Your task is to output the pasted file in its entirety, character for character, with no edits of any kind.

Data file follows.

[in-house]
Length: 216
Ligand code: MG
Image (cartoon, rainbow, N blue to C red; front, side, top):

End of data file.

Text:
[in-house]
Length: 216
Ligand code: MG
Image (cartoon, rainbow, N blue to C red; front, side, top):